Bill Fisher, outgoing executive director of the Banff Canmore Community Foundation, reflects on what community means to him
“It was pretty tenuous, I think,” says Bill Fisher of the earliest days of the Banff Canmore Community Foundation, which he has lead as executive director since 2018. That may have been so—he’s conjecturing, given that he wasn’t involved at that time—but it clearly isn’t anymore. Since its launch in 2001 the foundation has grown in all the most important ways: participation, programs, and the communities in which it operates. The endowments have grown in kind, in some cases exponentially. A key endowment was made by the Banff Centre, and Fisher estimates its current value to be in the neighbourhood of $10 million.
Still, he reports those kinds of successes cautiously, important as they may be, in part because they can discourage involvement. “You don’t have to be rich to be a philanthropist,” he says, knowing that many, perhaps understandably, feel that you do. It’s too easy to think of a philanthropist as someone with a cigar and an oversized cheque. But Fisher believes that success shouldn’t be gauged just in dollars, it should be gauged in people, too. He joined the BCCF board after retiring from Parks Canada in 2013 as the Vice-president, Operations, Western and Northern Canada. “I’ve always said that there are two ways you can raise a million dollars. You can charge a million dollars to one person to come into the park, or you can charge a buck to a million people.” The first will get the job done, but the second comes with a million champions, a million people who want to see it go well and who will share in the success when it does.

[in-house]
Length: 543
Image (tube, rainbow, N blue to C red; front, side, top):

He feels that the same holds true, if not more so, in his work with the foundation. If your goal is to raise a million dollars, he says, “one wealthy benefactor can do that with the stroke of a pen.” He’s certainly not averse to that, to be sure, but he’s also keenly aware of the unique value that the smaller gifts from a crowd of champions can bring. “The bulk of the people that live here are in the 18- to 40-year-old cohort.” They’re baristas and hotel staff, drivers and daycare workers. “When you think about where the benefit might come from a community as a whole—those individuals all working together—it’s powerful.”
“A place where you belong”
His point is well taken. If there are two ways of raising a million dollars, Fisher believes that there’s ultimately only one way to build a community: participation. “Community, at a very sort of simplistic level, is a geographic base,” he says. Specifically, it’s the place where we live. “But a much more important way to look at community is as a sense of place. It’s a place where you belong, and where you feel where you belong, and that other people feel you belong.” They can be big or small, comprised of like-minded hockey parents, or the members of a gym, or the board of an arts organization. Like matryoshka dolls, they can be nested inside each other, the same but different in some key and telling ways. “There’s a zillion ways those things intersect, but when they’re all working properly—and you’re not feeling like you’re left outside of that opportunity, and there’s a room for you to be welcomed into it—then that I see as a community that works.”